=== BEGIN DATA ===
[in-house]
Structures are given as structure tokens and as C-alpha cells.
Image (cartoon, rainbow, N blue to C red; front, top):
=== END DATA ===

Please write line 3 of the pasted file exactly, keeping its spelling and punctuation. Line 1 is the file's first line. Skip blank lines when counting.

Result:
Image (cartoon, rainbow, N blue to C red; front, top):